The Christmas Around the World and Holidays of Light exhibits are included with general admission into the museum.

December 21-22 and 26-30, 2019 MSI will have extended hours and remain open from 9:30 am until 7:00 pm.

Museum of Science and Industry is closed on Thanksgiving and Christmas.

Interested in more unique holiday experiences around Chicagoland? Check out our Guide to Holiday Fun!

The Science Behind Pixar: May 2018 – January 2019

This review originally published on May 22, 2018 and was written by Maggie McAllister.

The Science Behind Pixar opens this Saturday, May 26, 2018 at the Museum of Science and Industry and  includes more than 40 interactive displays, which focus on how science, technology, engineering, and math (STEM) are used by the artists and computer scientists that help bring our favorite Pixar movies to life. Get a behind-the-scenes look at how Pixar movies are made!

My niece and I went to the preview day this morning and we both had so much fun. Even though she is only three and some of the concepts are a little too advanced for her, she had a blast using the displays to move, light and manipulate the Pixar characters.

Tour of The Science Behind Pixar

The exhibit is divided into two rooms, with each room focusing on of the steps of filmmaking: modeling, rigging, surfaces, sets and cameras, animation, simulation, lighting and rendering. When you enter the first room you are greeted with a short video that will explain the process prior to you entering the exhibit. The doors then open and Mike and Sulley from Monsters, Inc are there welcoming you.

Photo compliments of Museum of Science and Industry

Manipulate Jessie’s face from Toy Story by sliding knobs up and down on the computer screen. Is she surprised? Move her eyebrows up and down.  Sleepy? Close and open her eyes. This was one of my niece’s favorite stations. She loved being able to change the way Jessie’s face moved.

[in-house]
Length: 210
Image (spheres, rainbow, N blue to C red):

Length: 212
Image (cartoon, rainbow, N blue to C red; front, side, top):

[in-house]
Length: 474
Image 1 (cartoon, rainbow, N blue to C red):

Pull levers on the modeling station to see how drawings are made into digital sculptures. By pulling and turning the levers you are able to see the drawings turn into the actual shape used in the movies.

Another favorite of ours was the surface exhibit. Here you are able to see how different colors and textures look on the hood of Lightening McQueen. You are able to choose a color for your car as well as add decals or even add some rust or sparkle to your creation.

Turn the animation wheel to see how scenes come together.  Turn the wheel slowly and see the scene frame by frame.  Spin the wheel faster to play the scene in real time.

Get a first hand experience with lighting by changing the color of the water for Dory. You can understand the challenges that come with trying to get the right coloring and movement for the ocean.

Each station within the exhibit came equipped with a phone you could queue up to get more detailed information about the activity and there were also videos throughout with Pixar members detailing what goes into making each movie. There are also opportunities to take your photo with some of your favorite Pixar characters, including Buzz Lightyear, Dory, Mike and Sulley, Edna Mode, and Wall-E.

This was a fun exhibit and although the concepts were geared towards older children, my niece who is three had a great time pushing buttons, pulling levers and creating her own Pixar masterpieces! I would highly recommend!

The exhibit opens May 24, 2018 and will run through January 6, 2019. It requires an additional timed-entry ticket: $14 for adults and seniors and $11 for children.

ToyMaker 3000